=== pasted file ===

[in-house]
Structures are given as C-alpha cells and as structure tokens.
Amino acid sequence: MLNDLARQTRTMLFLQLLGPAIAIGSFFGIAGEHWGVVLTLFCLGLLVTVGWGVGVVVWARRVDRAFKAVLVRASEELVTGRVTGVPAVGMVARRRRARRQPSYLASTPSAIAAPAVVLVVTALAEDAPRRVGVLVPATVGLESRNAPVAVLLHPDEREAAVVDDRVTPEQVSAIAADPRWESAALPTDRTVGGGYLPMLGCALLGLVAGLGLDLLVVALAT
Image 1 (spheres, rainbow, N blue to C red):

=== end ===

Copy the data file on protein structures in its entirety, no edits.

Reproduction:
[in-house]
Structures are given as C-alpha cells and as structure tokens.
Amino acid sequence: MLNDLARQTRTMLFLQLLGPAIAIGSFFGIAGEHWGVVLTLFCLGLLVTVGWGVGVVVWARRVDRAFKAVLVRASEELVTGRVTGVPAVGMVARRRRARRQPSYLASTPSAIAAPAVVLVVTALAEDAPRRVGVLVPATVGLESRNAPVAVLLHPDEREAAVVDDRVTPEQVSAIAADPRWESAALPTDRTVGGGYLPMLGCALLGLVAGLGLDLLVVALAT
Image 1 (spheres, rainbow, N blue to C red):